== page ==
What Has the Stock Market Taught Us Since 2010?

A podcast listener asks:

I wonder what advice advisors would give if our stock market had just begun trading in 2010?

I love this question because it encapsulates what makes the markets so hard.

There are generally two ways of looking at extended market cycles:

(1) We are in the midst of a paradigm shift. It is different this time. Markets have fundamentally changed. The top performers are going to continue outperforming.

(2) Everything is cyclical so it’s time to be a contrarian. It’s not different this time. We’ve seen this movie before. Nothing works forever and always.

What makes investing exceedingly difficult when trying to handicap the future is there is always some truth to both lines of thinking.

It is both always and never different this time.

It’s always different because markets are constantly changing. Investors have more information, better technologies, better tools, etc. Economies mature, governments change policies and the make-up of the market changes.

It’s never different because human nature is timeless. To quote Jesse Livermore, “Speculation is as old as the hills. Whatever happens in the stock market today has happened before and will happen again.”

I don’t know everything that’s changed forever because of this cycle but here is how investors would view the markets if we had 2010 as a starting point:

International diversification doesn’t work

The U.S. stock market has crushed the rest of the world since 2010:

A home country bias makes sense in this environment. What’s the point of diversification?

Market corrections don’t last long

There have been plenty of sell-offs since 2010 but they have all been short-lived. Just look at all of those lovely Vs that were fantastic buying opportunities yet over in the blink of an eye:

Buy the dip has worked every time since 2010. I guess lengthy bear markets aren’t a thing.

You should only invest in tech stocks

The Nasdaq 100 Index is up well over 800% since 2010. Many of the biggest brand name tech stocks in the index are up even more:

These are all companies we know, love and use on a regular basis. Why would you buy anything else?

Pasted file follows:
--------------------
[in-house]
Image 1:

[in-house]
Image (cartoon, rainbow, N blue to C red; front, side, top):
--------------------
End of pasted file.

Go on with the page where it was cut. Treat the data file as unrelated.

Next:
Energy stocks stink

Energy is by far the worst-performing sector since 2010:

These stocks are obviously dead money.

High returns in U.S. stocks are a given

The overall U.S. stock market is up nearly 13% per year since 2010:

Why should we ever expect a low return world when stocks seemingly only go up?

Interest rates only go down

The 10 year treasury was yielding close to 4% at the beginning of 2010. 30 year mortgage rates were over 5%. The 10 year is now 1.3% while mortgage rates are under 3%.

Falling rates have certainly been a tailwind for the stock market. Why would they ever rise if the Fed always has their tentacles in the markets and the long-term trend is down?

If you based your entire stock market history only on what’s transpired since 2010 you wouldn’t know that:

The stock market is prone to lost decades on occasion. The most recent time this happened was actually the decade preceding the 2010s. From 2000-2009, the S&P 500 was down 9% in total.

Foreign stock markets do outperform in certain cycles. U.S. stocks are the clear winner since 2010 but this isn’t always the case:

Foreign stocks can and will outperform at times.

Tech stocks don’t always work. The total return for the Nasdaq 100 from 2000-2009 was -50%:

That’s not only a lost decade but one in which you got cut in half for your troubles.

This included a drawdown of more than 80% from the highs.

Bear markets aren’t always over so quickly. Bear markets of the past have lasted longer than a matter of months. Sometimes they last a matter of years:

It is possible markets are speeding up and lengthy bear markets are a thing of the past but I wouldn’t bet my life on it.

Michael and I opened up this week’s Animal Spirits video discussing this question and much more:

Subscribe to The Compound for more of these videos.

Further Reading:
Why It’s Always & Never Different This Time

Now here’s what I’ve been reading lately:

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